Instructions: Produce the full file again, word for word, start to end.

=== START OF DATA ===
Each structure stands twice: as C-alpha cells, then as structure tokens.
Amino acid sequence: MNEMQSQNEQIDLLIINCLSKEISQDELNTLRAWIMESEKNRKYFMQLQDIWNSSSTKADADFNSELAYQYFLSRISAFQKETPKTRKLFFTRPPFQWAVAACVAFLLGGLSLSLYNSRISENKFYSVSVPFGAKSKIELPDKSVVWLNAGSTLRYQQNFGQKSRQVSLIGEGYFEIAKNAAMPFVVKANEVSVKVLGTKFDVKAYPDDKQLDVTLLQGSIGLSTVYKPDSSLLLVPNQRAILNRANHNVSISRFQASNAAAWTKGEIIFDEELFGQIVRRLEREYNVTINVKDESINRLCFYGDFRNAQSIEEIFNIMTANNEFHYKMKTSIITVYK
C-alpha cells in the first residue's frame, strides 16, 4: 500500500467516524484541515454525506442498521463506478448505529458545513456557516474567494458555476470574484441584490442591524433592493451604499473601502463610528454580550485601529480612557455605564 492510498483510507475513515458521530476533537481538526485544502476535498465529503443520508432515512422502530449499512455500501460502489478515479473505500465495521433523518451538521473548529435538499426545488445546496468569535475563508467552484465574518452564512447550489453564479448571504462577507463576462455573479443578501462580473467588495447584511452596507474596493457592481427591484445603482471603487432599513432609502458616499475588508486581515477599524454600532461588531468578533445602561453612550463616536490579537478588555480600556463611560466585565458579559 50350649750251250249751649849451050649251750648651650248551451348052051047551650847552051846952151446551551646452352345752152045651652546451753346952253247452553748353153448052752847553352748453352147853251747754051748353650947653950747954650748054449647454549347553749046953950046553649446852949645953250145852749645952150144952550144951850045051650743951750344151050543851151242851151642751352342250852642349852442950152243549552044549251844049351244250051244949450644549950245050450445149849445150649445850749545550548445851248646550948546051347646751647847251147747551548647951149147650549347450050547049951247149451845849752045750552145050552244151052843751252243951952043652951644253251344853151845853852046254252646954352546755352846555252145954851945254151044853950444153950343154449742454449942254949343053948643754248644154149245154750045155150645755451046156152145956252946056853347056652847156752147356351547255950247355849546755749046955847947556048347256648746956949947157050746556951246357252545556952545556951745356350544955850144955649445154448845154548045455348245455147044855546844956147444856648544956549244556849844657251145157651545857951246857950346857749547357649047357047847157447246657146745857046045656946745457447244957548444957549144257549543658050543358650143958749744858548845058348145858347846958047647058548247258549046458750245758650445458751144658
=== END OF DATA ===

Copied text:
Each structure stands twice: as C-alpha cells, then as structure tokens.
Amino acid sequence: MNEMQSQNEQIDLLIINCLSKEISQDELNTLRAWIMESEKNRKYFMQLQDIWNSSSTKADADFNSELAYQYFLSRISAFQKETPKTRKLFFTRPPFQWAVAACVAFLLGGLSLSLYNSRISENKFYSVSVPFGAKSKIELPDKSVVWLNAGSTLRYQQNFGQKSRQVSLIGEGYFEIAKNAAMPFVVKANEVSVKVLGTKFDVKAYPDDKQLDVTLLQGSIGLSTVYKPDSSLLLVPNQRAILNRANHNVSISRFQASNAAAWTKGEIIFDEELFGQIVRRLEREYNVTINVKDESINRLCFYGDFRNAQSIEEIFNIMTANNEFHYKMKTSIITVYK
C-alpha cells in the first residue's frame, strides 16, 4: 500500500467516524484541515454525506442498521463506478448505529458545513456557516474567494458555476470574484441584490442591524433592493451604499473601502463610528454580550485601529480612557455605564 492510498483510507475513515458521530476533537481538526485544502476535498465529503443520508432515512422502530449499512455500501460502489478515479473505500465495521433523518451538521473548529435538499426545488445546496468569535475563508467552484465574518452564512447550489453564479448571504462577507463576462455573479443578501462580473467588495447584511452596507474596493457592481427591484445603482471603487432599513432609502458616499475588508486581515477599524454600532461588531468578533445602561453612550463616536490579537478588555480600556463611560466585565458579559 50350649750251250249751649849451050649251750648651650248551451348052051047551650847552051846952151446551551646452352345752152045651652546451753346952253247452553748353153448052752847553352748453352147853251747754051748353650947653950747954650748054449647454549347553749046953950046553649446852949645953250145852749645952150144952550144951850045051650743951750344151050543851151242851151642751352342250852642349852442950152243549552044549251844049351244250051244949450644549950245050450445149849445150649445850749545550548445851248646550948546051347646751647847251147747551548647951149147650549347450050547049951247149451845849752045750552145050552244151052843751252243951952043652951644253251344853151845853852046254252646954352546755352846555252145954851945254151044853950444153950343154449742454449942254949343053948643754248644154149245154750045155150645755451046156152145956252946056853347056652847156752147356351547255950247355849546755749046955847947556048347256648746956949947157050746556951246357252545556952545556951745356350544955850144955649445154448845154548045455348245455147044855546844956147444856648544956549244556849844657251145157651545857951246857950346857749547357649047357047847157447246657146745857046045656946745457447244957548444957549144257549543658050543358650143958749744858548845058348145858347846958047647058548247258549046458750245758650445458751144658